Unleash your imagination

Award-winning author Neil Gaiman has spent more than a quarter of a century crafting vivid, absorbing fiction. Now, the author of Stardust, Coraline, and The Sandman teaches his approach to imaginative storytelling in his online writing class. Learn how to find your unique voice, develop original ideas, and breathe life into your characters. Discover Neil’s philosophy on what drives a story—and open new windows to the stories inside you.



Reviews

4.7
Students give MasterClass an average rating of 4.7 out of 5 stars.

This Masterclass was absolutely amazing. I loved listening to Neil Gaiman. Hearing his personal stories, and all of the advice and tips he gave.

Neil Gaiman's classes have really been an incredible help not only to my writing skills, but to my skills as a writer in general.

Youll see when i finish my novel excellent class Mr Gaiman

Keep doing what you love but living like you meant it.


Comments

Marianne M.

I thought the first half of the lessons was going around in circles, but the second half of the lessons were excellent. I'm glad I stuck with it and finished. I will view this master class again.

Rachael M.

Mr. Gaiman is a wonderful teacher. Not only were his lessons insightful, he has such a way about him that he encourages his students to want to continue to learn.

Tames M.

Neil is like Morpheus, a dream bearer. A dragon, a genie or a wizard... whatch out! Sand will get in your eyes...

A fellow student

A really good class, and a lot of things to mull over, and replay again, and exercises to do. Very worthwhile. (Now, I've gotta go write!) Thank you.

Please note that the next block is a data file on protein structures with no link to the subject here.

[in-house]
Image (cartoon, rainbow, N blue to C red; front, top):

Ocubox

Thank You Sir, and yes, what you said about living. I've always thought my experiences (even jobs I did that I didn't want to), would hopefully come in handy, when I'm Writing. Of course I will go through this Masterclass again when I'm in the thick of it all. Love the Process (the bliss and the horror)!

Cathy

Great class, and I love the workbook, too. Looking forward to reading some of the reference works that were recommended, and when I start writing novels I'll do those exercises, too.

A fellow student

Loved it! Just what I expected and more. I have read some of his books. Now I want to read them all. Thanks :-)

Barbara L.

As a long-time fan of Mr. Gaiman's work, I found his Master Class to be a joy. It was a pleasure and privilege to gain insight into the process of this brilliant writer. Thank you, Neil, and Bravo!

K. M. D.

Interesting topic. I've fought with myself for years, considering various aspects of this question. For instance: I write middle-grade fantasy/sci-fi. I'm always debating how scary to make my next book. I don't want eight year olds to have nightmares (not really, anyway.) But at the same time, I don't want the fifteen year olds to yawn and toss the book across the room. What's more, I'd guess a third of my fans are adults. I want to keep them interested and I hope to have my books considered for movies, so there needs to be plenty of tension to attract the movie industry, right?

Kelly T.

I like the writing assignments and how it started many parties in my mind. I also like his voice and story telling cadence. Makes me want to be a better version of myself.